Jackson: Kobe looked tired down the stretch

Updated: April 24, 2007, 10:37 PM ET
By Marc Stein | ESPN.com

PHOENIX -- Pass-first facilitator? Or free-scoring gunner?

Those were supposed to be the only two choices, right?

Nobody said anything about us winding up with a Weary Kobe.

Sadly, though, that's who was dragging around US Airways Center in the fourth quarter Sunday. Kobe Bryant served up what can only be described as some dazzling gunning in the first half, but he simply didn't have the legs -- or the teammates -- to be either of those first two Kobes at the finish.

Hounded by his old pal Raja Bell, as well as the occasional harassment of Shawn Marion and various help defenders, Bryant wore down to the point that he sullied a 39-point performance by missing 11 of his final 12 shots, lowlighted by a 1-for-10 showing in the game's final quarter.

Yet if you're wondering why he didn't just pass off more to ease the burden he's carrying, it's also worth remembering who was flanking Bryant during some critical junctures. Just to give you an example from the stretch in the fourth quarter in which Phoenix took the lead for good, this was the foursome on the floor with Kobe: Andrew Bynum, Brian Cook, Sasha Vujacic and Maurice Evans.

So ...

The only realistic way to stun the Phoenix Suns in Game 1 of this first-round rematch, for a shaken team that nearly slid all the way out of the playoffs, would have meant No. 24 beating fatigue, too. When Bryant couldn't, that left his Lakers vulnerable to an unusually subpar Suns team rallying for a 95-87 victory.

"Kobe ran out of gas in the fourth quarter," Lakers coach Phil Jackson confirmed in his postgame address.

Asked again moments later if that was indeed his conclusion, Jackson repeated: "Sure looked like it, didn't it?"

Kobe, not surprisingly, disputed the theory, insisting that it was actually poor second-half execution and increasing swarms of double- and triple-teams -- not fatigue -- that caused his looks and even his catches to gradually become "a lot harder."

The bigger problem, of course, is that it's already difficult to imagine Phoenix playing much worse or seeing where Jackson and Bryant look for alternatives. One game into Lakers-Suns II, it's fairly clear that a few of Kobe's supporting casters -- Luke Walton (bad ankle), Smush Parker (Phil's doghouse) and Kwame Brown (with his own litany of well-chronicled limitations) -- are unlikely to have the sort of impact they had last year in the teams' seven-game playoff epic or early this season when the Lakers bolted to a 23-11 start.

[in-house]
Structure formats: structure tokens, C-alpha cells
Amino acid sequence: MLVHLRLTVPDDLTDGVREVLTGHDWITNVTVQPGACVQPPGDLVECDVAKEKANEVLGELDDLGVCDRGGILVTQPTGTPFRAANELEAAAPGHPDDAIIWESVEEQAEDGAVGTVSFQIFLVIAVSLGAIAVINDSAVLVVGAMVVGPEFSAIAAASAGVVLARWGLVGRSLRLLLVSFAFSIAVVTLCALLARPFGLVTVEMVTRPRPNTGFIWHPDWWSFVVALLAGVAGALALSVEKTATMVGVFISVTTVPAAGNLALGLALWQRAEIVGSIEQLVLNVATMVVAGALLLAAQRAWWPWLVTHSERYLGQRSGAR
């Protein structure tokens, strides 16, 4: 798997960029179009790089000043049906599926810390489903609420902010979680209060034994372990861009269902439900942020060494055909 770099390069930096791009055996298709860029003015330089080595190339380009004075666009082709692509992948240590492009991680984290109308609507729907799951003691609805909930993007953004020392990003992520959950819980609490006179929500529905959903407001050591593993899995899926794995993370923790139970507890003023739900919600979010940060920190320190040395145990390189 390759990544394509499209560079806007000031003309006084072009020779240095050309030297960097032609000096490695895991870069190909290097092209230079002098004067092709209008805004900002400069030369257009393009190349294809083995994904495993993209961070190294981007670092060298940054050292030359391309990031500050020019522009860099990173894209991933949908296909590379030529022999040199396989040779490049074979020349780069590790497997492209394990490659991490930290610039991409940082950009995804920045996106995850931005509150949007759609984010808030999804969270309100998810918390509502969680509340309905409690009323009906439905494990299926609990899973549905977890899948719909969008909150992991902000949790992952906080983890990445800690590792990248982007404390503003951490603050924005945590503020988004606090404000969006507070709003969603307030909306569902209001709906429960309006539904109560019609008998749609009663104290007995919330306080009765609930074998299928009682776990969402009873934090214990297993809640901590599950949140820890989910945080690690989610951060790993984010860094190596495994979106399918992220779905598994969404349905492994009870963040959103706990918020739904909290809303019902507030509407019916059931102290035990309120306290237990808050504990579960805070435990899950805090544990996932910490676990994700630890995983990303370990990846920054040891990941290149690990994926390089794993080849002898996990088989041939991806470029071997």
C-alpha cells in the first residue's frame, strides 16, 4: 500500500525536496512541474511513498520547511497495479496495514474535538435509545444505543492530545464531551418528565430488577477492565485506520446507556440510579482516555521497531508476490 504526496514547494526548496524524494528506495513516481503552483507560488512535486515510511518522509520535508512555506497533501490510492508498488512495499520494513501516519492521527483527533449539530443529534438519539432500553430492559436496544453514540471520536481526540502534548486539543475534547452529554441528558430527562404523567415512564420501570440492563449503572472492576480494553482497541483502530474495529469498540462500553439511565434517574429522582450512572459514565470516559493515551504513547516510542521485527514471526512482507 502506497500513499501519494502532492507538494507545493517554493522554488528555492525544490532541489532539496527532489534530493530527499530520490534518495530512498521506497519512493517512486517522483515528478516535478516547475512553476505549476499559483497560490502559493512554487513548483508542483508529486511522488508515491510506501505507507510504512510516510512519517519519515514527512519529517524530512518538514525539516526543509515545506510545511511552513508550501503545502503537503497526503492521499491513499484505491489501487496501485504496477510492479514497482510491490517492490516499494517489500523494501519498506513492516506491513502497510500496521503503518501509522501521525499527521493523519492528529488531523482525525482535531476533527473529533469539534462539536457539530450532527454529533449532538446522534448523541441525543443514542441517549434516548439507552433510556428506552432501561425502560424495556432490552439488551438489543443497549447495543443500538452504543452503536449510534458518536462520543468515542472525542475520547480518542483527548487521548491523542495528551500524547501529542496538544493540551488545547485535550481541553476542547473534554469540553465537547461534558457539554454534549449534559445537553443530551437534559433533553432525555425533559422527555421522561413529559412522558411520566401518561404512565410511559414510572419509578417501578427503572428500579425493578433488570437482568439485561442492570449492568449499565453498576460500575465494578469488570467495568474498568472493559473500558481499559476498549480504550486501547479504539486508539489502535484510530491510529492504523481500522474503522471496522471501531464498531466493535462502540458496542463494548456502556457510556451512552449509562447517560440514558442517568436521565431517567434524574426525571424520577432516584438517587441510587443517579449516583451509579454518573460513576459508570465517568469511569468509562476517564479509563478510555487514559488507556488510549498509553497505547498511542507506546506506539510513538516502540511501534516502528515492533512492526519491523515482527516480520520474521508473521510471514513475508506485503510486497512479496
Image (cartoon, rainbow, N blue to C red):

Jackson was sufficiently pessimistic beforehand to admit this out loud: "Last year, I felt we could win the series. This year, I'm not sure."

He was also asked whether a Game 1 upset, coupled with the knowledge that they nearly toppled Phoenix last time, could restore some of the self-belief that was lost when the Lakers went 9-15 in March and April. Jackson shot that one down, too.

Now you know why.

L.A.'s game plan did call for doses of both kinds of Kobe. Jackson liked the idea of an early Kobe scoring binge to give the visitors a foothold, then perhaps more passing, and singled out only one of Kobe's choices for criticism: Bryant missed a 3-pointer early in the shot clock with 29.8 seconds left in the third, which became a bigger miss when Leandro Barbosa ended the quarter with a buzzer-beating, momentum-turning triple from 31 feet out.

In the fourth? The other Lakers were fading along with Bryant, so it's not as if a spread-the-wealth approach would have changed much. L.A. managed just 10 points as a team in the final period, wasting some of its best D all season.

Lamar Odom had some encouraging moments in amassing 17 points and 16 boards, but he didn't torment the Suns in the low post or get the ball to the rim with the sort of ease seen last April. Jordan Farmar, furthermore, wasn't bad as the team's new starting point guard, but it can't be a good thing that it's now a mini-crisis for L.A. when a guy fresh off three D-League cameos picks up his fourth foul in the third quarter.

Kobe already has proved to the skeptics that he can shift comfortably from gunner to passer if his teammates and the game warrant such a shift. That's precisely what happened in Lakers-Suns I, with Bryant frequently operating in pass-first mode in that series after averaging 40 points a game in the final month of the '05-06 season.

But can he do that with this group?

Does he dare?

Those are questions for Tuesday night's Game 2, but the adjustment hinted at by Jackson depends on the Lakers getting their early offense elsewhere.

Reflecting on Bryant's 28-point show in the first half, with 23 of those points hung on Bell and the vast majority coming on jumpers with a high degree of difficulty, Jackson said: "We'd just as soon like to [save] that for the endgame situation."

Marc Stein is the senior NBA writer for ESPN.com. To e-mail him, click here.

Marc Stein | email

Senior Writer, ESPN.com
• Senior NBA writer for ESPN.com
• Began covering the NBA in 1993-94
• Also covered soccer, tennis and the Olympics